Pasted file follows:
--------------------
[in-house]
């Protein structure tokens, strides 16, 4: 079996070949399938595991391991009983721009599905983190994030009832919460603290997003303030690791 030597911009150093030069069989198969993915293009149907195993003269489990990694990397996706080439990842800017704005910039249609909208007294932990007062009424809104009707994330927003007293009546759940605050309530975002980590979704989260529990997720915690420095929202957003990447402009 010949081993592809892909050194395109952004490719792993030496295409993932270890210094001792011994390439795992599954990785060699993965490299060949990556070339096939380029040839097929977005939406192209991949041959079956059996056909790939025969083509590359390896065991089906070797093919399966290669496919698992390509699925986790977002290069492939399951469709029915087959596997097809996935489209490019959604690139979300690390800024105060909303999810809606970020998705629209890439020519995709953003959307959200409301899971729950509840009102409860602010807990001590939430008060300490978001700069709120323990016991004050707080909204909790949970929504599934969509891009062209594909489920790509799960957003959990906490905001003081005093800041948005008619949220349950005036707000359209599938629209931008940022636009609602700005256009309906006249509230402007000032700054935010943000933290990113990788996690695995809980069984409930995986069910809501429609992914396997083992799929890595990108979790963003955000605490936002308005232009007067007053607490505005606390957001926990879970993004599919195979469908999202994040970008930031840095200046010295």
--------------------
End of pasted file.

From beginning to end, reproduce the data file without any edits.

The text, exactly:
[in-house]
């Protein structure tokens, strides 16, 4: 079996070949399938595991391991009983721009599905983190994030009832919460603290997003303030690791 030597911009150093030069069989198969993915293009149907195993003269489990990694990397996706080439990842800017704005910039249609909208007294932990007062009424809104009707994330927003007293009546759940605050309530975002980590979704989260529990997720915690420095929202957003990447402009 010949081993592809892909050194395109952004490719792993030496295409993932270890210094001792011994390439795992599954990785060699993965490299060949990556070339096939380029040839097929977005939406192209991949041959079956059996056909790939025969083509590359390896065991089906070797093919399966290669496919698992390509699925986790977002290069492939399951469709029915087959596997097809996935489209490019959604690139979300690390800024105060909303999810809606970020998705629209890439020519995709953003959307959200409301899971729950509840009102409860602010807990001590939430008060300490978001700069709120323990016991004050707080909204909790949970929504599934969509891009062209594909489920790509799960957003959990906490905001003081005093800041948005008619949220349950005036707000359209599938629209931008940022636009609602700005256009309906006249509230402007000032700054935010943000933290990113990788996690695995809980069984409930995986069910809501429609992914396997083992799929890595990108979790963003955000605490936002308005232009007067007053607490505005606390957001926990879970993004599919195979469908999202994040970008930031840095200046010295």